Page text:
The Hawaii Department of Health’s COVID-19 cluster report this week focuses on outbreaks found in child care settings, particularly home-based ones.
Health officials in June investigated three clusters associated with child care settings on Maui.
The first included 10 cases that were associated with a home-based setting with one caregiver and eight children ranging in age from 8 months to 5 years old.
After one child tested positive for the virus, the caregiver and four more children at the home exhibited symptoms of COVID-19. Four secondary cases were also identified among their close contacts.
No one was hospitalized.
However, there was no policy or protocol for sick children to stay home, officials said Also, masks were not worn by either the caregiver – who was vaccinated — nor children older than 2 as recommended.
The Centers for Disease Control and Prevention, in its guidance for operating child care programs during COVID-19, recommends that everyone ages 2 and older wear a mask covering their mouth and nose when around people who do not live in their household, except when eating and sleeping.
Also, the symptoms in the children with the coronavirus were initially attributed to teething rather than COVID-19, which prolonged exposure.
The business remained closed until the caregiver and all children were cleared from isolation and quarantine.
Health officials said the second COVID-19 cluster was also associated with a home-based setting with one caregiver and six children ages 1 to 9.
Both the caregiver and two children tested positive for the coronavirus, which then spread to two household members. No one was hospitalized.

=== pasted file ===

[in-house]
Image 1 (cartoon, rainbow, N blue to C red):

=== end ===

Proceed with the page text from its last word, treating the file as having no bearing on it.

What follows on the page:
But the three adult cases in this cluster were not vaccinated.
The third cluster, which resulted in nine cases, was associated with a child care program within a congregate setting.
Four out of seven children in the program ranging from 2 months old to almost 2 years old, four out of 12 adult residents, and one of 21 staff members tested positive for the coronavirus. There were no secondary cases identified. No one in this cluster was hospitalized.
But none of the residents and only half of the staff were fully vaccinated when the cases emerged.
Health officials said child care workers were prioritized for COVID-19 vaccination as frontline essential workers early in the state’s rollout.
“Vaccination of parents, guardians, and caregivers can help protect young children who are not eligible for vaccination and can’t wear masks,” according to the report.
In addition, CDC recommends layering prevention strategies to reduce the risk of COVID-19 spread in child care and early education settings — from staff vaccinations to encouraging children and staff to stay home when sick, ensuring the correct and consistent wearing of masks, frequent handwashing, regular and consistent cleaning and disinfecting, and improved ventilation.
The report, published today, reflects clusters under investigation for the past two weeks. Last week, the report focused on clusters in places of worship.
Health officials are currently investigating 12 clusters across all four counties:
>> On Oahu, officials are investigating three clusters from social gatherings that resulted in 31 cases, one cluster at a place of worship that resulted in 11 cases, and two clusters in the “other” category that resulted in nine cases. The “other” category includes other occupational settings such as offices, retail establishments and first responders.
>> On Maui County, officials are investigating one cluster in an educational setting resulting in six cases, and one cluster in a place of worship that resulted in eight cases.
>> On Hawaii County, officials are investigating an ongoing cluster at a correctional facility – reported as the Hawaii Community Correctional Center in Hilo — with a total of 271 cases. Officials are also investigating a gym cluster that resulted in 13 cases.
>> On Kauai County, officials are investigating a cluster at a restaurant that resulted in 17 cases, as well as a cluster at a place of worship that resulted in 12 cases.